When Larry McMurtry began writing his memoirs, the first volume of which was published in 2008, he saw it necessary to divide his life into three distinct sections: Books, Literary Life, and Hollywood.
It is no coincidence that Books, the recounting of his life as a "rare bookman," came first, though that might surprise fans of the writer's fiction. Not only did he write an autobiography of the 41-year love affair he's shared with his collection -- and the pursuit of it -- but also Cadillac Jack in 1982, a semi-autobiographical tale of a flea market cowboy, inspired by McMurtry's own experiences digging through the heaps of other men's junk for rare jewels.
McMurtry is one of us, the last few dinosaurs who still line our walls in bound pages and endless shelves. In fact, we might even call him the king dinosaur, Ex Libris Rex. For people like us, the way you stack them and shelve them, the ways the colors match or clash and the fonts juxtapose, is as close to creating "visual art" as we may ever come. But don't think for a moment that it doesn't come from a similarly romantic place. Don't think we have installed them without forethought or intentionality, without hoping new lovers or old friends will notice and thereby notice something significant about us.
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But there is something even more lovely than amassing a great collection for one's private appreciation, and McMurtry has decided to send large sweeping portions of his back out into the atmosphere. On Friday and Saturday, his Archer City bookstore, Booked Up, is selling "hundreds of thousands of books by the shelf lot."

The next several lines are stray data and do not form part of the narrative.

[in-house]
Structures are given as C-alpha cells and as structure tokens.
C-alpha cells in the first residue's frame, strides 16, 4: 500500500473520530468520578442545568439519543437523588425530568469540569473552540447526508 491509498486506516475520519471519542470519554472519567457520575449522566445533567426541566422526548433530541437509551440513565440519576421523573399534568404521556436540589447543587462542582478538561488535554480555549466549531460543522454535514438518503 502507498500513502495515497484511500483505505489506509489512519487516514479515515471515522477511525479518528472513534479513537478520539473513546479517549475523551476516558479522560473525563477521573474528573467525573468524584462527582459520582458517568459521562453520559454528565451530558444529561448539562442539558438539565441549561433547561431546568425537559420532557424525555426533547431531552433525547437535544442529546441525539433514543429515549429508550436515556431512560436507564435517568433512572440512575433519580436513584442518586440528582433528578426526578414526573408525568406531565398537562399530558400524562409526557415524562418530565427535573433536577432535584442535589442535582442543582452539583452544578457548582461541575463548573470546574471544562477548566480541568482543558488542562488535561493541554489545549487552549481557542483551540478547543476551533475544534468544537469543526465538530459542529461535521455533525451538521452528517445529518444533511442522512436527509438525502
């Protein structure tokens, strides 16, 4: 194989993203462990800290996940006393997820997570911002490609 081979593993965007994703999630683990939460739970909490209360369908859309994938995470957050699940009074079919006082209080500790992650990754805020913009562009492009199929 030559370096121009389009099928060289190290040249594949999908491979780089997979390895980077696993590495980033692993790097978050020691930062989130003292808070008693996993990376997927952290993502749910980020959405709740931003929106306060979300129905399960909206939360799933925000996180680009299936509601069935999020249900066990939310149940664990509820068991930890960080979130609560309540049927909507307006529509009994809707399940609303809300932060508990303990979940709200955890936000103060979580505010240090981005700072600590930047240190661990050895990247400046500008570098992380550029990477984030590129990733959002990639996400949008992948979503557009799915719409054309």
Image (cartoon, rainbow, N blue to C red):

As only he can, McMurtry writes:
The several hundred thousand books that we are putting in play constitute a kind of anthology of American bookshops past. In our forty-one years as booksellers we have bought twenty six bookshops and some two hundred personal libraries, some humble, some grand.
So why push them out?
Because we believe that in the book world migration is healthy: old pages await new eyes. Yesterday in Lubbock, Texas I found a copy of Sons and Lovers in the oil-cloth Modern Library with my bookplate in it. Twenty eight thousand volumes have my bookplate in them; they reside in my big house in Archer City, and yet this one strayed. How it got to Lubbock I'll likely never know. It's home again now; but hundreds of thousands of its cousins will be flooding into the great river of books that delights and refreshes. Good reading and good luck!
To own a piece of the Rare Bookman's beloved trove, call 478-787-2665 or visit addisonsauction.com.